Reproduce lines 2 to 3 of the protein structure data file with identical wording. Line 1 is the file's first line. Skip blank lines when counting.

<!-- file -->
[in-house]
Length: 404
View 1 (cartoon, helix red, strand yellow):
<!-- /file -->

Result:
Length: 404
View 1 (cartoon, helix red, strand yellow):